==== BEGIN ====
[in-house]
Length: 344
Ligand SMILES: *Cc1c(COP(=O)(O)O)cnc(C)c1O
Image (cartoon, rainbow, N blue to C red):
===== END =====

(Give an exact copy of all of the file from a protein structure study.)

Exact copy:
[in-house]
Length: 344
Ligand SMILES: *Cc1c(COP(=O)(O)O)cnc(C)c1O
Image (cartoon, rainbow, N blue to C red):